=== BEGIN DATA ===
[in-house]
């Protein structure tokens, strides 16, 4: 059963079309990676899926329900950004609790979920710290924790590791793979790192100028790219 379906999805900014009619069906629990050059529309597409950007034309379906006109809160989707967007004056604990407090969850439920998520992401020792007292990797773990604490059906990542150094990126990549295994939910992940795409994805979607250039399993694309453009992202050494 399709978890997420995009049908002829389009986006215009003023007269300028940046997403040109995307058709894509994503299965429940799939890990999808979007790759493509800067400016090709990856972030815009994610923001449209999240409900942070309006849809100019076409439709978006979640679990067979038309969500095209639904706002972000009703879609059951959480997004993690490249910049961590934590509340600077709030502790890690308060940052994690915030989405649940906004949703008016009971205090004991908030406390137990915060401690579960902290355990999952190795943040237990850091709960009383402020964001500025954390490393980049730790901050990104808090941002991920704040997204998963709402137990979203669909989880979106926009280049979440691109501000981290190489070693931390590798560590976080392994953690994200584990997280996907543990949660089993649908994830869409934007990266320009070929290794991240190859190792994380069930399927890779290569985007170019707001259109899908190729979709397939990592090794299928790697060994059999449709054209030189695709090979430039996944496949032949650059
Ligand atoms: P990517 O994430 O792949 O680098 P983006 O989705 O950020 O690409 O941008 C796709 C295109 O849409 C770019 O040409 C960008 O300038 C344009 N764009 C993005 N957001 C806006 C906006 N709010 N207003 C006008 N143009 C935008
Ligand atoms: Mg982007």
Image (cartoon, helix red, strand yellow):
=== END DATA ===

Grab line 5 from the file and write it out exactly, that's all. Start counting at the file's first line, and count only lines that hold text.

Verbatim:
Image (cartoon, helix red, strand yellow):